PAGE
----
Some companies that have chosen to ignore this opportunity

Now that we've gained a bit more understanding about the massive role that the emerging markets will play in the future, one might think that it would be crazy for any company to continue to ignore them.

As crazy as it might sounds, there are still ones that choose to live in ignorance.

Let's Take a look at the expected prices for Apple's new iPhone 5S and the "cheaper" iPhone 5C for Thailand, both on and off contract (source: TechinAsia)

True Move H and AIS prices with a 2-year contract
iPhone 5S 16GB – 23,900 Baht ($770)
iPhone 5S 32GB – 27,500 Baht ($880)
iPhone 5S 64GB – 30,900 Baht ($990)
iPhone 5C 16GB – 19,900 Baht ($630)
iPhone 5C 32GB – 23,900 Baht ($770)

True Move H and AIS prices for the phone with no contract
iPhone 5S 16GB – True Move H 24,500 Baht; AIS 24,550 Baht ($780)
iPhone 5S 32GB – True Move H 28,300 Baht; AIS 28,250 Baht ($910)
iPhone 5S 64GB – True Move H 31,900 Baht; AIS 31,950 Baht ($1,025)
iPhone 5C 16GB – True Move H and AIS 20,700 Baht ($665)
iPhone 5C 32GB – True Move H 24,500 Baht; AIS 24,550 Baht ($780)

All the phones mentioned above have small screens that severely limit their productivity potential, thus it is easy to understand why Apple's market share is dismal, at best, in the emerging markets.

Apple's not the only one who is not showing serious intent to cater to the needs of the emerging markets.

When asked by the Wall Street Journal in June 2012 about the possibility for HTC to produce low cost devices, HTC's CEO, Peter Chou said, "We don't want to destroy our brand image....... We insist on using better materials to make better products that offer premium experience. Many consumers like that." HTC was making US$3.1 billion in revenue (Q1-2012) when he uttered the statement.

Fast forward 18 months into the future, HTC's revenue is down to US$1.4 billion while at the same time posting their first loss in in more than ten years.

So what's HTC's current stand about making affordable phones? 

The Guardian reported in October 14th that HTC's Global Online Communications Manager, Jeff Gordon, claimed that HTC will continue competing at the high end segment. Clearly, they are not planning to change course anytime soon.

Currently, HTC's latest and greatest offer in the affordable space is the Desire 601, a 4.5 inch 720p (HD) phone powered by a 1.4 GHz dual core processor and 1GB of RAM. In Singapore, the phone is offered at US$403 at launch, which pits it against the 6.1 inch Huawei Ascend Mate (US$326), Lenovo's Intel powered, metal clad, 1080p flagship the K900 (US$448) as well as Samsung's Galaxy Mega 6.3 (US$480). At the smaller end of the spectrum there are LG's Nexus 4 as well as Samsung's former flagship, the Galaxy S3, and both can be had for around US$420 from their respective distributors.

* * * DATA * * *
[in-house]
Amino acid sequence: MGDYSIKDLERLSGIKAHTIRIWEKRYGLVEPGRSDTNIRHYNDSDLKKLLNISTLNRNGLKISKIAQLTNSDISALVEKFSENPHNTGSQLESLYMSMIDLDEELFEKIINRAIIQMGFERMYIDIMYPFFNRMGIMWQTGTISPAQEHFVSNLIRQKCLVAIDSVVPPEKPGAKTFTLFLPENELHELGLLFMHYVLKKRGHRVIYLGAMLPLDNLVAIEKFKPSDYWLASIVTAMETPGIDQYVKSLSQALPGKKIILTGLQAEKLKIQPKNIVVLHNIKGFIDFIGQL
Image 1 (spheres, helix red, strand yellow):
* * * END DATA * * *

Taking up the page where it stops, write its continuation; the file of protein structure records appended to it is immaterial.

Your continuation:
How about the One Mini? In Singapore, HTC's One Mini is priced at around US$556 off-contract, which puts it on par with the current off-contract price of the Galaxy Note 2 as well as Sony's Xperia Z with both alternatives offering better specs and capabilities.  

Is it useless to release smaller screened devices in the emerging markets?

We are not saying that it is futile to sell $300-$550 small screened phones in the un-subsidized developing world. There are still a few people who are interested in getting smaller phones. The kind of people interested in these communication oriented devices are those who already have a laptop, a tablet, or both.

For example, In the $300-$400 segment Samsung has the 4 inch GS3 Mini as well as the 5 inch Galaxy Grand, thus providing options for people with different needs. This approach also applies to the $400-500 bracket in which Samsung's offering currently consists of the Galaxy Mega 5.8, Galaxy S4 Mini and the Galaxy Mega 6.3, among others.

LG understood this as well. They just launched their $320 5.5 inch G Pro Lite to complement their midrange options.

HTC, on the other hand, puts all their midrange bet in two smaller screened, thus lower productivity potential, phones. It will surely be interesting to see what this strategy does to HTC's performance in 2014.

What about the segment of the market that can only afford sub $100 devices?

So far, we have talked about companies that are well poised to take advantage of the massive opportunity available in the emerging markets as well as companies that are not.

However, most of the devices we've talked about have only catered to the midrange and, at best, low end price segments.

What about the billions of customers who can't afford phones that cost more than $100?

While it is true that there are sub $100 Android phones, at the moment, the experience of using those are still not very pleasant, to put it nicely.

There is one high profile company that is putting considerable effort to provide compelling options for these people. We will talk about that company and its efforts to cater for the super low end segment in the second part of this series.

Stay tuned.